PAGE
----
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Please don’t retouch my wrinkles. It took me so long to earn them. —Anna Magnani . Strange to feel so drawn these days to the She-Wolf, the wild rose of Italian cinema. Magnani, abandoned by her unmarried mother, grew up a big-boned girl with fierce eyes in the slums of Rome, sang in tawdry nightclubs, with that low & earthy contralto. Over the years, she’d play Anouilh’s Medea, Brecht’s Mother Courage, O’Neill’s Anna Christie She’d throw spaghetti at Roberto Rossellini, before (or maybe after) he threw her aside for Ingrid Bergman. When her only son Luca was stricken with polio, she worked like a donkey in every film she could to provide for him. She complained everyone saw her as some sullen, lonely Elektra, but she loved being Anna Magnani, laughing, joking through it all. In The Rose Tattoo with Burt Lancaster (who did not impress her), she plays a widowed seamstress undone by grief, then revived by passion for Lancaster’s dumb trucker. Tennessee Williams gave her the line: He has the body of my husband & the head of a clown. -----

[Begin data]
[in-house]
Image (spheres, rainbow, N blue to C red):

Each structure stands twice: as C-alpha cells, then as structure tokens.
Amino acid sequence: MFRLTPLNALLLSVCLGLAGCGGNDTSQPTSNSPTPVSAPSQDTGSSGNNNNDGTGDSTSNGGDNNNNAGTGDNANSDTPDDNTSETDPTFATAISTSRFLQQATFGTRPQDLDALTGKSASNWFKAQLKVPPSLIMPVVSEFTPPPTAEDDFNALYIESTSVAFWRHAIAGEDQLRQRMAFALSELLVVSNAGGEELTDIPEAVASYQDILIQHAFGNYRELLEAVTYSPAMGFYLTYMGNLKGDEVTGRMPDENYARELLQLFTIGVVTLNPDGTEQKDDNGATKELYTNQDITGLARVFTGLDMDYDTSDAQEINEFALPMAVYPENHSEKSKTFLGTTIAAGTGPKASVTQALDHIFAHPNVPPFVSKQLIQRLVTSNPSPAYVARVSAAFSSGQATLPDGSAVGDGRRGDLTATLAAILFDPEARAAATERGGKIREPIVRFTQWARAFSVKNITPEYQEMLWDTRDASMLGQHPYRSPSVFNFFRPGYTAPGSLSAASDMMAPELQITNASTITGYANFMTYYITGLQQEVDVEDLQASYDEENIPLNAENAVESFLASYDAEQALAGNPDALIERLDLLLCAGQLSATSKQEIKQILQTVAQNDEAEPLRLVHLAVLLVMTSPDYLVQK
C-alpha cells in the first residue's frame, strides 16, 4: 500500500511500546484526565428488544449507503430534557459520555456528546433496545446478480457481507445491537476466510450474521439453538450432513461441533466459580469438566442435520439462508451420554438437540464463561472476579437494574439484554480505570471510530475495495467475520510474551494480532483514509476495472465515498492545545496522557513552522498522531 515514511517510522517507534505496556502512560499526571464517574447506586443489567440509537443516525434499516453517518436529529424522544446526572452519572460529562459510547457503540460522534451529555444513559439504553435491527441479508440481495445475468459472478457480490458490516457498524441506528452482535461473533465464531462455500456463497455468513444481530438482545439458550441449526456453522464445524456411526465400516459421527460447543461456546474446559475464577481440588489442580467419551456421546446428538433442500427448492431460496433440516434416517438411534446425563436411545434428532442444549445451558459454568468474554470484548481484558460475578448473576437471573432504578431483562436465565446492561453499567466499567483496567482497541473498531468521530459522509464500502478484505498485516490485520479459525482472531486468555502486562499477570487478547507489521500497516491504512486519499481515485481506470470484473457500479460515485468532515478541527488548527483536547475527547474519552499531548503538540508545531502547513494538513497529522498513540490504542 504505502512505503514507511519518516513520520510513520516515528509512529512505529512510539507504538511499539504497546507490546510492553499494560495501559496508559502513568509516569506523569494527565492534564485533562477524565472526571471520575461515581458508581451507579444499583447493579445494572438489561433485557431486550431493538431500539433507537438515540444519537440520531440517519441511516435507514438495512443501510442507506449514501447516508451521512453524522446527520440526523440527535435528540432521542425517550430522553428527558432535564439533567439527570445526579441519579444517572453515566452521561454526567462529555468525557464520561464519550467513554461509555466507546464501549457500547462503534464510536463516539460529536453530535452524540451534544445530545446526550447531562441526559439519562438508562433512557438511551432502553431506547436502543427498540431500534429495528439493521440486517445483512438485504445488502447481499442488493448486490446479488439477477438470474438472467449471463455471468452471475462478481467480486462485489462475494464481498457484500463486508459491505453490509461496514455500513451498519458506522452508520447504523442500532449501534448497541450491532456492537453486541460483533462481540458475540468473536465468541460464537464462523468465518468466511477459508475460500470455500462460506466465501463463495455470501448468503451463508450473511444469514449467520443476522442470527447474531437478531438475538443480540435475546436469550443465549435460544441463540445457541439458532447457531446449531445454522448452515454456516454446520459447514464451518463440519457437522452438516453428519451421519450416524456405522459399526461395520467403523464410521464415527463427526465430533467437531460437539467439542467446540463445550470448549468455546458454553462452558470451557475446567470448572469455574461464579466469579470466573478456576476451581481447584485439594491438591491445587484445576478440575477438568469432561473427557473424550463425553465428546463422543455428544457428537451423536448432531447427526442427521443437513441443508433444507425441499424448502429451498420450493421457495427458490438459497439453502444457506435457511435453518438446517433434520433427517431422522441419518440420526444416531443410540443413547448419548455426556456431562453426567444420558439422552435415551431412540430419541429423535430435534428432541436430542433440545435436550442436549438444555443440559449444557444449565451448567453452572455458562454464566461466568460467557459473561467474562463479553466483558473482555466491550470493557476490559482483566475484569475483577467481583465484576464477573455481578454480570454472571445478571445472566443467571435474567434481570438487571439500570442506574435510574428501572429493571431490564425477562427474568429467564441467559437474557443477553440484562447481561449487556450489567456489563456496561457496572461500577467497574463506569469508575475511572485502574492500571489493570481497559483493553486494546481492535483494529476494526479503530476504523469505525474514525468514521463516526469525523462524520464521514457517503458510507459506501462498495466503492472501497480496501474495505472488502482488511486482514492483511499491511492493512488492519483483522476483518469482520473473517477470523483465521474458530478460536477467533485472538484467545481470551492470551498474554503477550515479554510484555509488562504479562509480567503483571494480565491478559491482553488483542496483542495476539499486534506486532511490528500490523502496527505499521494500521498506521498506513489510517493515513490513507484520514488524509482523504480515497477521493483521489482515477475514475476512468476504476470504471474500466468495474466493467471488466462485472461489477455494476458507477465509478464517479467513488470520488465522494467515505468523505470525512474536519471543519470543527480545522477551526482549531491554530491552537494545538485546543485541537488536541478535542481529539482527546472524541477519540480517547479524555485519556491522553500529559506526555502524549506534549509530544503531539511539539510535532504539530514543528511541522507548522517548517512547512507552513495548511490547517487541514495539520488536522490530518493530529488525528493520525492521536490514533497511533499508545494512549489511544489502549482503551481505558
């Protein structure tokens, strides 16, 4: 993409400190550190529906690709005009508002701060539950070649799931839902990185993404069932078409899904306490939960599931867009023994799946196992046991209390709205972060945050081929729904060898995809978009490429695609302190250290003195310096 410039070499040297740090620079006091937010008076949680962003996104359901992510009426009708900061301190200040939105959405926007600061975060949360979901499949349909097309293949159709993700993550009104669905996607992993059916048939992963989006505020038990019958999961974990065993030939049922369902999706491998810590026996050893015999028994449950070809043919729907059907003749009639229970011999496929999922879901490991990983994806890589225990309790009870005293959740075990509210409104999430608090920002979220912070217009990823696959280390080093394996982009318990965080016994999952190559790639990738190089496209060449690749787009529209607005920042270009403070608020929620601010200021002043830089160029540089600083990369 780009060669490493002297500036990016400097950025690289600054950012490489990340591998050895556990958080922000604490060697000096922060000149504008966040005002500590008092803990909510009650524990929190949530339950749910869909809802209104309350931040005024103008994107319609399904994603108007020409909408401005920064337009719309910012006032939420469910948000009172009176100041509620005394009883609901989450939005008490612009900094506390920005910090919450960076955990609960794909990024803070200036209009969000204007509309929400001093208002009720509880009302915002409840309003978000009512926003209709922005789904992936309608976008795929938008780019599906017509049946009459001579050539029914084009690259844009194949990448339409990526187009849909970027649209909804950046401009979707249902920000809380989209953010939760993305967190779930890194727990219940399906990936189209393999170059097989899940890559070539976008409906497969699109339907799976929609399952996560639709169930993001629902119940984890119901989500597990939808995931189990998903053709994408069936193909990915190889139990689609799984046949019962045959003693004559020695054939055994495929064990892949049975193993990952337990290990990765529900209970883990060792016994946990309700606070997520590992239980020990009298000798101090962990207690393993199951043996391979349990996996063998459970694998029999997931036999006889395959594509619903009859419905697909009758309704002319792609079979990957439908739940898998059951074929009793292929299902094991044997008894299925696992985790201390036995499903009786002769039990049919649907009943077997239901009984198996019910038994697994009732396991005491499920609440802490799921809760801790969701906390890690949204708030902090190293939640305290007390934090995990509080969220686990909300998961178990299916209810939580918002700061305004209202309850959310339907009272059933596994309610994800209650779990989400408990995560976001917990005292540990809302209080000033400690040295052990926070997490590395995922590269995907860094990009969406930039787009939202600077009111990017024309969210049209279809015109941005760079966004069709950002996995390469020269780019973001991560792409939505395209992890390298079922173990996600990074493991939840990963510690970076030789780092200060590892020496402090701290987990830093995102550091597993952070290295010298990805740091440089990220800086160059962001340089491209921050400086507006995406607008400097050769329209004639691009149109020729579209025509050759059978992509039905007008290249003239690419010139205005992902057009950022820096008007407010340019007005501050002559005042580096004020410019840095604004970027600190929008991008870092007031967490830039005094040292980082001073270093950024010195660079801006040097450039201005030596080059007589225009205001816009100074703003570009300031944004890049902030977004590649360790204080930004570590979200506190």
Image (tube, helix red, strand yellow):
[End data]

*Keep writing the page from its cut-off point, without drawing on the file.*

Copyright 2022 Joan E. Bauer. First published in Paterson Literary Review.
Joan E. Bauer is the author of two full-length poetry collections, The Almost Sound of Drowning (Main Street Rag, 2008) and The Camera Artist (Turning Point, 2021). For some years, she worked as a teacher and counselor and now divides her time between Venice, CA and Pittsburgh, PA where she co-hosts and curates the Hemingway’s Summer Poetry Series with Kristofer Collins.
Anna Magnani (image: La Voce di New York)